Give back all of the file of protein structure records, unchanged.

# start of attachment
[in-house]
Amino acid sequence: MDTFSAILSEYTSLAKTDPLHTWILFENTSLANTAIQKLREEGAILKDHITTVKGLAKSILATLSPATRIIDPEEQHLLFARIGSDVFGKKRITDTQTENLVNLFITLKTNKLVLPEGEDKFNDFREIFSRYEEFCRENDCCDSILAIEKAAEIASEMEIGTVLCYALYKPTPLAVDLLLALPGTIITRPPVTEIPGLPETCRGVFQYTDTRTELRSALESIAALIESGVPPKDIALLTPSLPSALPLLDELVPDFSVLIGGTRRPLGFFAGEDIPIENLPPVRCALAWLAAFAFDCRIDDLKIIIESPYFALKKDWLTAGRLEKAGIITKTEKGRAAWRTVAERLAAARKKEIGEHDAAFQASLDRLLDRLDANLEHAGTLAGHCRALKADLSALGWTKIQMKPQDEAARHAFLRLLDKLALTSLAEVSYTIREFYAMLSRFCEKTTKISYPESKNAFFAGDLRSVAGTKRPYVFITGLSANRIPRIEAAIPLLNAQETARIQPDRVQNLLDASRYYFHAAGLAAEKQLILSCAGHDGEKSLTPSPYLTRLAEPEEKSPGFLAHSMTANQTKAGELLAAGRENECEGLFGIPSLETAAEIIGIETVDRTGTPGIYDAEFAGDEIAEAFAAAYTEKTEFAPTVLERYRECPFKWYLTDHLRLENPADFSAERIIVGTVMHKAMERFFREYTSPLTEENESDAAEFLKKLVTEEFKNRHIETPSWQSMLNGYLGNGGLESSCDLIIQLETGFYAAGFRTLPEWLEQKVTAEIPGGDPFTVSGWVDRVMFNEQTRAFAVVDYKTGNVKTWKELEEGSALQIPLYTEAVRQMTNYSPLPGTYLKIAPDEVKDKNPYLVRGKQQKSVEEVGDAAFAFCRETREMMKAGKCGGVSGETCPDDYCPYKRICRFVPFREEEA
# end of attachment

[in-house]
Amino acid sequence: MDTFSAILSEYTSLAKTDPLHTWILFENTSLANTAIQKLREEGAILKDHITTVKGLAKSILATLSPATRIIDPEEQHLLFARIGSDVFGKKRITDTQTENLVNLFITLKTNKLVLPEGEDKFNDFREIFSRYEEFCRENDCCDSILAIEKAAEIASEMEIGTVLCYALYKPTPLAVDLLLALPGTIITRPPVTEIPGLPETCRGVFQYTDTRTELRSALESIAALIESGVPPKDIALLTPSLPSALPLLDELVPDFSVLIGGTRRPLGFFAGEDIPIENLPPVRCALAWLAAFAFDCRIDDLKIIIESPYFALKKDWLTAGRLEKAGIITKTEKGRAAWRTVAERLAAARKKEIGEHDAAFQASLDRLLDRLDANLEHAGTLAGHCRALKADLSALGWTKIQMKPQDEAARHAFLRLLDKLALTSLAEVSYTIREFYAMLSRFCEKTTKISYPESKNAFFAGDLRSVAGTKRPYVFITGLSANRIPRIEAAIPLLNAQETARIQPDRVQNLLDASRYYFHAAGLAAEKQLILSCAGHDGEKSLTPSPYLTRLAEPEEKSPGFLAHSMTANQTKAGELLAAGRENECEGLFGIPSLETAAEIIGIETVDRTGTPGIYDAEFAGDEIAEAFAAAYTEKTEFAPTVLERYRECPFKWYLTDHLRLENPADFSAERIIVGTVMHKAMERFFREYTSPLTEENESDAAEFLKKLVTEEFKNRHIETPSWQSMLNGYLGNGGLESSCDLIIQLETGFYAAGFRTLPEWLEQKVTAEIPGGDPFTVSGWVDRVMFNEQTRAFAVVDYKTGNVKTWKELEEGSALQIPLYTEAVRQMTNYSPLPGTYLKIAPDEVKDKNPYLVRGKQQKSVEEVGDAAFAFCRETREMMKAGKCGGVSGETCPDDYCPYKRICRFVPFREEEA